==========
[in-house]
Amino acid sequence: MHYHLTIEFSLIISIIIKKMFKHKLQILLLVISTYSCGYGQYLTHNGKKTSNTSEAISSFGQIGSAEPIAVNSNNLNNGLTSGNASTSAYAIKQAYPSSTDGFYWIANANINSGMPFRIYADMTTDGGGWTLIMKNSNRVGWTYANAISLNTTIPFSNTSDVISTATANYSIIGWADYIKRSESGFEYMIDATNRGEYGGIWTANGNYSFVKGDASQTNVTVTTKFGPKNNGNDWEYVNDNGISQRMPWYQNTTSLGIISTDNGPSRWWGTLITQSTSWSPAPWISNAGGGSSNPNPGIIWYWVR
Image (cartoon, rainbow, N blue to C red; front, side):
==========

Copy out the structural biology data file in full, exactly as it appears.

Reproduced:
[in-house]
Amino acid sequence: MHYHLTIEFSLIISIIIKKMFKHKLQILLLVISTYSCGYGQYLTHNGKKTSNTSEAISSFGQIGSAEPIAVNSNNLNNGLTSGNASTSAYAIKQAYPSSTDGFYWIANANINSGMPFRIYADMTTDGGGWTLIMKNSNRVGWTYANAISLNTTIPFSNTSDVISTATANYSIIGWADYIKRSESGFEYMIDATNRGEYGGIWTANGNYSFVKGDASQTNVTVTTKFGPKNNGNDWEYVNDNGISQRMPWYQNTTSLGIISTDNGPSRWWGTLITQSTSWSPAPWISNAGGGSSNPNPGIIWYWVR
Image (cartoon, rainbow, N blue to C red; front, side):